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Wednesday, February 27, 2019

Step #6 - Sitting is the New Smoking

Step #6 in the 12 Basic Steps for Anti-Aging Your Brain - Low-Level Physical Activity Throughout Day

Sitting is the New Smoking

Movement. Exercise. Just how much movement does it take to be healthy? You don't have to be a marathon runner to be healthy. Consistent, frequent movement throughout the day is the answer. Do you have to run or jog or go to the gym to be healthy?  The answer is no. The frequency of movement is just as important as the type of movement. It is well known that people living in the blue zones are consistently moving, using their body, and have occasional brief moments of higher intensity movement. It is considered part of their healthy lifestyle.

If you haven't already established the healthy habit of incorporating movement into your daily routine, it's never too late to start. Whether you are a gardener, a farmer, a healthcare worker, or even a dog walker (in other words, have a job that requires movement), then you are probably getting a healthy dose of physical activity. If you have a desk job, are retired, or are more sedentary during the day, there are simple, easy-to-do things to increase your activity level. Sitting for long periods with lack of movement does have a negative impact on your overall health, so movement is vital. It is important to exercise both our brain AND our body in order to maintain strength and avoid atrophy. 

If you work in a building with multiple stories, use the stairs if you are able. If you are at a desk for most of the day, a standing desk is an excellent solution. While you are sitting at your desk during the day, get up and move around at least once an hour. If you need to, set an alarm on your computer or phone. Stop what you're doing and get up out of your chair. Take some deep breaths, do arm circles, air squats, knee bends or walk down the hall and back. The important thing is to set a goal of moving for at least 30 seconds once an hour.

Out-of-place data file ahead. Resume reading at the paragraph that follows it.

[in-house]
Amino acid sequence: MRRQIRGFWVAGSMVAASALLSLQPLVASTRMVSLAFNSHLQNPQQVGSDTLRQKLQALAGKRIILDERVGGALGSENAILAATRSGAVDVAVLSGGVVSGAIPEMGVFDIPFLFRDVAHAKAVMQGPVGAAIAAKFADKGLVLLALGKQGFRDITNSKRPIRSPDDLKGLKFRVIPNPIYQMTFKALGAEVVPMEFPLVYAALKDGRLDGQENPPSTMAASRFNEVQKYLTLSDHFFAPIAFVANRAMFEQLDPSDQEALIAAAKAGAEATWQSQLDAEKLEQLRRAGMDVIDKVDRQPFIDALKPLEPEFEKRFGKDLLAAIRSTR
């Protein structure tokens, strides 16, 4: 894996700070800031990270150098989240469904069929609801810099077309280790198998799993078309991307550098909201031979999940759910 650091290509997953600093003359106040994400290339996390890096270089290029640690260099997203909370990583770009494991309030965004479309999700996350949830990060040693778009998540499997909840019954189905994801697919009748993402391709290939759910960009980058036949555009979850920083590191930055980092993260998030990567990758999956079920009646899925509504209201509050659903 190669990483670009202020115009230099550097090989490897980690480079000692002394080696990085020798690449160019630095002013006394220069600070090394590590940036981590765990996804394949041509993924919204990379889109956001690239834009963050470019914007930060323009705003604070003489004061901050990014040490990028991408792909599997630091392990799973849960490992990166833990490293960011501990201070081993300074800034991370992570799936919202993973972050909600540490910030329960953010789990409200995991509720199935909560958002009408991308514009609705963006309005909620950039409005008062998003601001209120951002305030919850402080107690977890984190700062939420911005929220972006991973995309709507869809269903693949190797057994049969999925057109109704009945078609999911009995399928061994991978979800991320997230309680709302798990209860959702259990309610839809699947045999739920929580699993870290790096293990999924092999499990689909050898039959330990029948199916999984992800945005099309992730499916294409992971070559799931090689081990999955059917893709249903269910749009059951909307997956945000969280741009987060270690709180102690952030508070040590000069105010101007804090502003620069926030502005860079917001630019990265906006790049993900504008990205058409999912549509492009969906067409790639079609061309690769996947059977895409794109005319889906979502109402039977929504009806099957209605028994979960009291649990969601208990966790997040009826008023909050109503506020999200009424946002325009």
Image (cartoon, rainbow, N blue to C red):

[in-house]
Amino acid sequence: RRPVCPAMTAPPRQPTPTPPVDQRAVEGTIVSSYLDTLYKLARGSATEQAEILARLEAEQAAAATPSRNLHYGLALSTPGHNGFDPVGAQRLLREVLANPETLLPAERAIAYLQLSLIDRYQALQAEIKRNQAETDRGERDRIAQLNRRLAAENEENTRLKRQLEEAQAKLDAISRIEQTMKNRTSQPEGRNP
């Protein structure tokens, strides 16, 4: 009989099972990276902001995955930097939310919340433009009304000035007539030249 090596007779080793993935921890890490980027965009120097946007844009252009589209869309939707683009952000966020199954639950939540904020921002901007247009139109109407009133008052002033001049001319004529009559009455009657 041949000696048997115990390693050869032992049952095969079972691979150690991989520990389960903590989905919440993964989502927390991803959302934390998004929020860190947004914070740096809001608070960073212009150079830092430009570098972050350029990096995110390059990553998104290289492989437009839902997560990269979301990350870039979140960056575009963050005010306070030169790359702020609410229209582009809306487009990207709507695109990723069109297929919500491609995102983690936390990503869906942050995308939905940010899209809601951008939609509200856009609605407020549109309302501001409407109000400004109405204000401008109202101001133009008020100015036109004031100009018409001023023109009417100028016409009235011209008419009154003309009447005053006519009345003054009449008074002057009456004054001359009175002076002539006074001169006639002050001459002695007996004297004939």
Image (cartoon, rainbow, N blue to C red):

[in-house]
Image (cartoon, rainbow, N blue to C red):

Walking is another way to increase your daily movement. Many people think that 10,000 steps a day is adequate movement, but I have discovered that it doesn't take a lot of movement to achieve that. My personal goal is 15,000 steps a day. You can track your steps per day in many ways. Some cell phones have apps that track your steps, but it is only accurate if you always have your cell phone in your pocket. There are many other devices available to track your steps too, so you have options.

A word on gym memberships: If you have one, great! If you have a gym membership but don't use it, well, that is another story. Gym membership is an option, but not a requirement, to achieve and maintain healthy movement. If you're not in a position (or frame of mind) to commit to making regular trips to the gym, then in my opinion, it's not worth the investment. 

The key to achieving consistent, healthy movement is to be consistent in making small changes in your daily activity level in order to establish a new habit. Once frequent movement becomes a habit, you are most certainly on your way to being a healthier version of you.

Enjoy the video, and as always, please feel free to pass this along!

Medical Disclaimer: Information provided in this article is for informational purposes only. The information is a result of years of practice and experience by Yoshi Rahm, DO. However, this information is NOT intended as a substitute for the advice provided by your physician or another healthcare professional, or any information contained on or in any product label or packaging.

Do not use the information provided in this article for diagnosing or treating a health problem or disease, or prescribing medication or other treatment. Always speak with your physician or another healthcare professional before taking any medication or nutritional, herbal or homeopathic supplement, or using any treatment for a health problem. If you have or suspect that you have a medical problem, contact your health care provider promptly. Do not disregard professional medical advice or delay in seeking professional advice because of something you have read in this email.

Information provided in this article and the use of any products or services related to this article by you DOES NOT create a doctor-patient relationship between you and Yoshi Rahm, DO. or any other physician featured in this article. Information and statements regarding dietary supplements have not been evaluated by the Food and Drug Administration and are not intended to diagnose, treat, cure, or prevent any disease.


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